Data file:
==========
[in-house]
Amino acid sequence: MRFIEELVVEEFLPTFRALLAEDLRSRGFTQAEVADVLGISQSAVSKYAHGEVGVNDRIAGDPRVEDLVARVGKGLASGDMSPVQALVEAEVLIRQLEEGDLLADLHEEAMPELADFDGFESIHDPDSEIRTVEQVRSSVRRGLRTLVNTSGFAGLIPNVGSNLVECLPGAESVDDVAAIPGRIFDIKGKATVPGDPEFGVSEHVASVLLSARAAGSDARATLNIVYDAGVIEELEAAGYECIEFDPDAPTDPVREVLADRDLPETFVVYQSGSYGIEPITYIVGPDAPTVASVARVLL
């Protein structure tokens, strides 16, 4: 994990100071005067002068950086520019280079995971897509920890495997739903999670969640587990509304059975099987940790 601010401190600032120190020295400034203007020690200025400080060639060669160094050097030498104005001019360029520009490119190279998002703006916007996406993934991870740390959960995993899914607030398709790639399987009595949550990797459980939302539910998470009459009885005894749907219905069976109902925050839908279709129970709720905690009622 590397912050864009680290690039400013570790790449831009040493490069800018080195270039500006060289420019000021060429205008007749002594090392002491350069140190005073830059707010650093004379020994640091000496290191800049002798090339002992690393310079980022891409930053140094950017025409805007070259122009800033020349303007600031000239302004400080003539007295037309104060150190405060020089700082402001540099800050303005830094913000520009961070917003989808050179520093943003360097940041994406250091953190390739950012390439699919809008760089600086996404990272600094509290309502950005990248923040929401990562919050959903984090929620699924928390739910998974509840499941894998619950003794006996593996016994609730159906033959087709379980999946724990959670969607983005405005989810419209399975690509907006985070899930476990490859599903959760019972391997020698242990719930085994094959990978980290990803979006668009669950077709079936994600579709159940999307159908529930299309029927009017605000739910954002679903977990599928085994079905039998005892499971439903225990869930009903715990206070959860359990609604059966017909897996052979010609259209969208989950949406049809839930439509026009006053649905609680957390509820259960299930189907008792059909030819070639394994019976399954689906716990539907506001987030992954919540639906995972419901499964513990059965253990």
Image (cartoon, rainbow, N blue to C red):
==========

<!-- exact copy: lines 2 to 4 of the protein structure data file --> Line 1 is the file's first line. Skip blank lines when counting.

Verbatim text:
Amino acid sequence: MRFIEELVVEEFLPTFRALLAEDLRSRGFTQAEVADVLGISQSAVSKYAHGEVGVNDRIAGDPRVEDLVARVGKGLASGDMSPVQALVEAEVLIRQLEEGDLLADLHEEAMPELADFDGFESIHDPDSEIRTVEQVRSSVRRGLRTLVNTSGFAGLIPNVGSNLVECLPGAESVDDVAAIPGRIFDIKGKATVPGDPEFGVSEHVASVLLSARAAGSDARATLNIVYDAGVIEELEAAGYECIEFDPDAPTDPVREVLADRDLPETFVVYQSGSYGIEPITYIVGPDAPTVASVARVLL
């Protein structure tokens, strides 16, 4: 994990100071005067002068950086520019280079995971897509920890495997739903999670969640587990509304059975099987940790 601010401190600032120190020295400034203007020690200025400080060639060669160094050097030498104005001019360029520009490119190279998002703006916007996406993934991870740390959960995993899914607030398709790639399987009595949550990797459980939302539910998470009459009885005894749907219905069976109902925050839908279709129970709720905690009622 590397912050864009680290690039400013570790790449831009040493490069800018080195270039500006060289420019000021060429205008007749002594090392002491350069140190005073830059707010650093004379020994640091000496290191800049002798090339002992690393310079980022891409930053140094950017025409805007070259122009800033020349303007600031000239302004400080003539007295037309104060150190405060020089700082402001540099800050303005830094913000520009961070917003989808050179520093943003360097940041994406250091953190390739950012390439699919809008760089600086996404990272600094509290309502950005990248923040929401990562919050959903984090929620699924928390739910998974509840499941894998619950003794006996593996016994609730159906033959087709379980999946724990959670969607983005405005989810419209399975690509907006985070899930476990490859599903959760019972391997020698242990719930085994094959990978980290990803979006668009669950077709079936994600579709159940999307159908529930299309029927009017605000739910954002679903977990599928085994079905039998005892499971439903225990869930009903715990206070959860359990609604059966017909897996052979010609259209969208989950949406049809839930439509026009006053649905609680957390509820259960299930189907008792059909030819070639394994019976399954689906716990539907506001987030992954919540639906995972419901499964513990059965253990």
Image (cartoon, rainbow, N blue to C red):